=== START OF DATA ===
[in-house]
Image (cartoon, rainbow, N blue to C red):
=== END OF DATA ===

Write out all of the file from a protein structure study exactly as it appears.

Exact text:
[in-house]
Image (cartoon, rainbow, N blue to C red):